@scientificamerican.com | 5 days ago

New App Uses Sonar to Detect Opioid Overdoses

The technology utilizes smartphone speakers and microphone to monitor breathing | Continue reading


@scientificamerican.com | 5 days ago

Seeing Superman Increases Altruism

Subject who saw a Superman poster were more likely to offer help than were people who saw another image. | Continue reading


@scientificamerican.com | 6 days ago

Biotech Could Modify Trees to Protect Against Pests

Tree breeding and gene editing could help reverse the deteriorating health of U.S. forests | Continue reading


@scientificamerican.com | 6 days ago

A Biologist Reconstructs the Grotesque Efficiency of the Nazis' Killing Machine

Lewi Stone used his statistical prowess to reveal the furious intensity of the Holocaust’s industrial-scale genocide during three months of 1942 | Continue reading


@scientificamerican.com | 6 days ago

U.S. Emissions in 2018 Saw the Second Largest Spike Since 1996

The uptick came despite significant coal plant closures, pointing to the growing influence of other greenhouse gas sources | Continue reading


@scientificamerican.com | 7 days ago

How to Train for a Long Distance Race

Whether it is a full marathon or a 10k, training for a race can have less than desirable consequences if you are not prepared | Continue reading


@scientificamerican.com | 7 days ago

Testing for Caffeine Could Help Foil Fake Urine Scam

The absence of substances originating from coffee, chocolate, nicotine and blood in pee could indicate foul play | Continue reading


@scientificamerican.com | 7 days ago

Another Casualty of the Government Shutdown: Hurricane Preparedness

Weather models are not being updated and training sessions might be canceled during the budget standoff | Continue reading


@scientificamerican.com | 7 days ago

Inhaled RNA Might Help Heal CF

Scientists are working to correct a genetic defect in cystic fibrosis patients by having them inhale RNA. Christopher Intagliata reports. | Continue reading


@scientificamerican.com | 7 days ago

Gel Packed with Chemical "Scavengers" Protects against Sarin Gas

Nanotech particles tucked into a gel coating can prevent poisoning by deadly organophosphates for a week or more | Continue reading


@scientificamerican.com | 8 days ago

NASA Exoplanet Hunter Racks Up Bizarre Worlds and Exploding Stars

The Transiting Exoplanet Survey Satellite has identified at least eight planets, including one with a mass more than 20 times that of Earth | Continue reading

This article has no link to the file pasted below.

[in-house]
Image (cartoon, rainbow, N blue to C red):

@scientificamerican.com | 8 days ago

Bevy of Mysterious Fast Radio Bursts Spotted by Canadian Telescope

Bounty includes second known example of a repeating burst | Continue reading


@scientificamerican.com | 8 days ago

Major Missions Will Probe the Changing Climate in 2019

From melting Antarctic glaciers to solar geoengineering, here are key climate projects to watch this year | Continue reading


@scientificamerican.com | 8 days ago

Alzheimer's Attack on the Brain May Vary with Race

A new study finds African–Americans with dementia have less buildup of certain toxic proteins in their brains than do whites | Continue reading


@scientificamerican.com | 8 days ago

How to Stop Feeling Overly Responsible

Savvy Psychologist Dr. Ellen Hendriksen offers four signs of over-responsibility, plus three ways to overcome it | Continue reading


@scientificamerican.com | 8 days ago

A Touch to Remember

The sense of touch generates surprisingly powerful and long-lasting memories | Continue reading


@scientificamerican.com | 8 days ago

All Sand on Earth Could Be Made of Star Stuff

Silica, a common ingredient in sand, concrete and glass, may have its origins in supernovae | Continue reading


@scientificamerican.com | 8 days ago

Pluto Probe Encounters a Pristine World in the Solar System's Suburbs

Ultima Thule, the most-distant object ever visited by a spacecraft, is revealing our solar system’s deepest history—and, just maybe, revolutionizing planetary science | Continue reading


@scientificamerican.com | 8 days ago

From Dams to Coastal Barriers: How the U.S. Is Fighting Flooding in 2019

Several projects face opposition from local residents and environmental groups | Continue reading


@scientificamerican.com | 9 days ago

Fishy Smarts: Archerfish Can Recognize Human Faces in 3-D

The finding suggests this visual ability may be more “primitive” than scientists thought | Continue reading


@scientificamerican.com | 9 days ago

Does Parkinson’s Begin in the Gut?

A growing body of evidence links the neurodegenerative disease to the gastrointestinal tract, opening new possibilities for treatment | Continue reading


@scientificamerican.com | 10 days ago

Invisible Killers Hitchhike on Native Plant Seedlings

More than a quarter of the seedlings sampled at native plant nurseries were infected with pathogens—which could hamper restoration work. Christopher Intagliata reports. | Continue reading


@scientificamerican.com | 12 days ago

How the Partial Government Shutdown Is Hampering Climate Efforts

Travel and research by scientists with NASA, NOAA and the EPA is being impacted | Continue reading


@scientificamerican.com | 12 days ago

It's Time to Get Arsenic and Other Toxic Substances Out of Baby Food

It’s time to get arsenic and other heavy metals out of our infants’ diets | Continue reading


@scientificamerican.com | 12 days ago